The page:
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Disturbing, rapid blood turbulence in my head

Discussion in 'Support Subforum' started by Prefontim, Jun 29, 2023.

  1. Prefontim

    Prefontim New Member

    I have been dealing with a very disturbing symptom as of late, and I'm struggling to determine if it's TMS, so I could really use some opinions or experience from others to help me gain the confidence to believe this is TMS, or not if it may not be TMS.
    First off, I'm a 41 year old male who has had many TMS symptoms over the years and no major non TMS medical issues. My blood pressure readings have always been in the normal range, though I am about 40 lbs overweight and my cholesterol level is holding steady at 130.

    It started a few years ago, where I would have these 1-2 week periods in a year where I started to feel rapid blood turbulence in my head, usually near my right ear. It was worse at night and would disrupt my sleep. The blood flow would be usually twice as fast as my heartrate, though the beat would be somewhat erratic. It can also appear in multiple places in my head, but most of the time near my right ear. If I breathed deeply, or press my finger into my neck or my ear, I could temporarily get the rhythm to slow down to the rhythm of my pulse and subside in how much i can feel my it. I would tell myself this was TMS, and increase my daily journaling and the episode would subside eventually. I had 2 episodes like this, but as of 6 months ago, the 3rd episode has never really went away. During the day, I rarely have the issue, but at night, it's there and is getting more disruptive over time. It's not totally consistent every night however, some nights I feel mostly normal. As I lay down to sleep, it doesn't start right up, but when I wake up the middle of the night, I can almost always feel the rapid blood flow and it's hard to get back to sleep. Also, during the day, if I doze off, even when I'm sitting up, I'll usually wake up with the rapid flood flow feeling.

    I have started to worry that some non TMS cause has caused this gradual worsening of symptoms, such as high cholesterol or atherosclerosis. I have gotten a head CTA scan, which came back normal and an ultrasound on my carotid artery to check for fatty build-up, and the build-up was 'minimal' at 11-125 cm/s. Still, I remain worried that this issue is not all TMS, and so I have now scheduled a meeting with a Cardiovascular surgeon to see if they know what this is. You see, I can't find any information on the internet to see if this has a name. It doesn't appear to be a reported symptom of atherosclerosis or high cholesterol.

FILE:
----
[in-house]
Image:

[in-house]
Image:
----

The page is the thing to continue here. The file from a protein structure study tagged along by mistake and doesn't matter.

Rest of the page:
I try to tell myself daily that this is simply a reduction or alteration of blood flow in my head, which would be classic TMS, but my fears of arterial build-up and the slowly worsening symptoms prevent my belief in it being fully TMS.

    Has anyone else ever had a TMS symptom like this? Based on my descriptions, do you think it's a reasonable that a 41 year old would have a non TMS issue like this? Should I abandon the non-TMS route and try to just convince myself that this is fully TMS?

    While I wait for my next Dr appointment, I am trying to increase my TMS work (journaling, reading), though any insight from other users will be helpful to me I think.

    Thank you for your support,
  2. JanAtheCPA

    JanAtheCPA Beloved Grand Eagle

    Hey Tim, I can totally understand why this is a disturbing sensation. I sometimes wake up with a sense that I can "hear" my blood pulsing past my ears, and this will be something that might occur for several days in a row and then disappear again. Is it related to high blood pressure (which I have)? Who knows, but I can get it to stop by consciously relaxing my jaw, face and neck muscles and taking deep therapeutic breaths.

    As for this:
    My friend, this is THE million dollar question asked by every TMSer about every symptom they've ever had. Age is completely irrelevant, as I know you know.

    The only true response is that when it comes to TMS, anything is possible.

    That being said, we don't mess around with possible cardiac symptoms. Get checked out, and move on when you're cleared. As you and I both suspect you will be ;)
  3. Prefontim

    Prefontim New Member